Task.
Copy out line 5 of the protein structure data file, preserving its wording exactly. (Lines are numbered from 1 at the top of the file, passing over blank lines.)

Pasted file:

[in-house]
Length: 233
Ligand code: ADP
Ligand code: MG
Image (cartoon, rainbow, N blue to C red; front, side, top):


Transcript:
Image (cartoon, rainbow, N blue to C red; front, side, top):